Recently, a wave of the practice of compassion has come over our shores through the promotion of the Charter for Compassion. Best-selling author Karen Armstrong, winner of the prestigious 2008 TED prize for innovative ideas, is the inspiration behind this charter (charterforcompassion.org) and the burgeoning movement surrounding it.
Armstrong was recently in Vancouver for a Simon Fraser University program — Twelve Days of Compassion — and caught the attention of prominent radio and TV interviewers. People across the whole spectrum of business and political interests, and of varying spiritualities and ethnicities around the globe, are taking note, coming together, and taking action.
This may sound like apple-pie at first, but as Vancouver columnist Douglas Todd headlines it (on March 27), “compassion is not soft.”
It’s hard and important work, and it’s everyday gritty work.
We humans are hard wired both for outright selfishness (our reptilian brain at its worst) and more importantly, it seems we are capable of transcending this by a cortical thickening of the brain through thinking and acting with a care for others.
There is actually a science to compassion, and Stanford University’s Center for Compassion and Altruism Research and Education (CCARE) is dedicated to promoting this.
All of us, in our common humanity, can find and use our inner compass for compassion through pausing regularly a few minutes each day to open ourselves to the energy of compassion within us, whether we translate that as prayer, meditation, mindfulness, or leave it unnamed and simply send loving thoughts and wishes towards ourselves and towards whatever we consider to be “other” — another human being, a group of people, government or business leaders, the planet, someone whom we know to be in distress, and someone who challenges us or whom we find it difficult to love.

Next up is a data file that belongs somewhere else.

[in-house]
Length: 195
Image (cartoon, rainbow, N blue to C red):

Speaking for the Christian tradition, I can only say that love and compassion are at the heart of our faith through Jesus’ enunciation of the Golden Rule (putting ourselves in the others’ shoes — right there in his first public address) and through the importance given to the Triple Commandment to love God, others and self.
Love and compassion are at the heart of our Scriptures and teachings, our acts of worship and our witness and service in the world.
As hymnwriter Fred Kaan would say it, this kind of loving compassion is “touchstone, guide, and norm.”
Can you imagine national politics conducted with mutual respect and courteous disagreement, rather than personally-directed negative campaigning?
Can you visualize a day when our local city, town and regional councillors sit down alongside chamber of commerce and faith leaders with the topic of compassion on the agenda and a charter in front of them inviting cooperative action?
Well, be surprised!
The idea of locally-based civic compassion is not as far-fetched as it may seem at first.
Seattle was the first city to sign on with a multi-year public commitment to action as a “compassionate city.”
London, Ontario was the first Canadian city to sign on, and the Greater Vancouver Compassion Action Network has identified more than 60 reading groups in the lower mainland working through Armstrong’s book Twelve Steps To A Compassionate Life.
The engagement is there, and hotspot cities in Pakistan, the Middle East and Turkey are taking their stand as well for compassion.
Maybe this could translate into a broad-based local movement.
I am game for talking it up. SFU had 12 days. Does a theme of 12 months for compassionate action in Oceanside strike a chord?
The Rev. Andrew Twiddy is the Rector (pastor) of the Anglican parish of St. Anne & St. Edmund, Parksville. Questions or comments? Email firstname.lastname@example.org, or call 250-594-1549.